We must take sides. Neutrality helps the oppressor, never the victim. Silence encourages the tormentor, never the tormented.
— Holocaust Survivor and Nobel Prize Laureate Eli Wiesel
Since November 9, 2016, when The Ray Wolpow Institute for the Study of the Holocaust, Genocide, and Crimes Against Humanity at Western Washington University commemorated the 78th anniversary of Kristallnacht, the Southern Poverty Law Center (SPLC) has recorded more than 1,094 incidents of hate against minorities. In its spring report, the SPLC also highlights the disturbingly rapid increase of hate groups for a second consecutive year.
We strongly condemn these incidents of hate, violence against minorities, and racist and xenophobic rhetoric. As WWU President Sabah Randhawa reminds us in regards to our own community “harassment and discrimination have no place at Western”. We celebrate our diversity, find strength in our differences, and pledge not to remain silent in the face of injustice.
On December 6, 2016, members of the Association of Holocaust Organizations (AHO) released a statement in which they called “upon all elected officials as well as all civic and religious leaders to forcefully and explicitly condemn the rise in hate speech and any attacks on our democratic principles.” The Ray Wolpow Institute proudly joined more than 91 other Holocaust remembrance institutions along with more than 71 Holocaust scholars and educators from around the world in signing and thus supporting this call. You can access the full statement here.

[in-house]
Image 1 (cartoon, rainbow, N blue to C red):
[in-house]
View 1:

On February 1, 2017, we renewed our pledge not to remain silent in light of a) the misrepresentation of the Holocaust in the official White House statement on International Holocaust Remembrance Day (1/27/17), b) its subsequent explanations by the Trump administration, c) the symbolic announcement of the executive order “Protecting The Nation From Foreign Terrorist Entry to The United States” on the day the world remembered the Shoah and d) the growing threats and attacks against Jewish, Muslim, and Sikh congregations and communities in the U.S. and Canada. The institute strongly denounces all minority violence, prejudice, and bias directed at individuals and groups, and we call on our elected officials to do the same.